by Matt Mullarkey-Toner
Published on 2 December 2016
As cell phone data continues to replace telephone minutes and landlines whirl down into the drain of irrelevance, it's time to take a closer look at VoIP solutions.
Although you may have no idea what VoIP means (Voice Over Internet Protocol), you've seen examples or used it before. In this article, I'll give you some examples of popular VoIP solutions that have companion iOS apps (go here for VoIP solutions with Android apps).
Here's a quick refresher on VoIP apps: Have you ever made a call to a phone number with Skype? If the answer is yes, then you've had some experience with VoIP. For those who are unfamiliar, a VoIP solution (at its core) essentially works as an alternative telephony solution.
I've also divided the article into two sections:
A number of the apps listed below are free, so it's worth playing around with them to see if they'd be right for your business. But remember that many of these apps don't use minutes, and use cellular data instead, so keep an eye on your usage. I've also left out FaceTime because it's already installed on iOS devices.
Although Skype is mostly known as a video calling solution, it's probably the most famous VoIP application out there. Skype's ubiquity gives it a big advantage when it comes to a user base; there's a decent chance that your clients are available on Skype. Skype is also owned by Microsoft, which means that (in theory) it works pretty well with Microsoft Office products.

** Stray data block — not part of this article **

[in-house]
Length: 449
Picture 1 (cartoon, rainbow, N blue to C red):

Another strength of Skype is that it will set up a phone number for you. After you've selected what area you'd like to have the phone number be registered to, it works much like a normal landline would: if people call your number, Skype will route it and your phone would ring like it normally would. Otherwise, Skype's features aren't that out of the ordinary: missed calls, voicemail, SMS, etc.
GetApp user, Brace Brittany, says that Skype has been an excellent solution for his company. He writes, "Skype is a good entry-level, low-cost VoIP service. It allows us everything including group video calling, rich text messaging, calling to standard phones, an actual public phone number, Wi-Fi hotspots and live translation also. This internet phone service provides call waiting, voicemail, caller ID and call forwarding. We can call people through your contacts list, which effectively makes it a speed dial function. The video conferencing feature is great for meetings or talking face-to-face virtually among friends."
Note: There is also Skype for Business (formerly known as Lync) which is specifically designed for companies. If you have a larger company it's worth checking out, but if you're a smaller company you should be fine with plain ol' Skype.
Nextiva doesn't just work as a VoIP solution, it's also a fully-featured call center and ranks well in our Category Leader ranking for call center solutions. The difference between Nextiva and an app like Skype is that Nextiva was built for businesses (as opposed to consumers) and therefore has features such as:
Nextiva is not just for large businesses; it's also designed to work for small businesses. If your business spends a lot of time on the phone with customers, it's a good idea to try Nextiva because it's built to handle large numbers of customers and it provides the infrastructure to organize it.
One user writes on the App store,"I make all my work calls from home through the app, using my wifi, which allows me to safeguard my cell phone number. Great App!"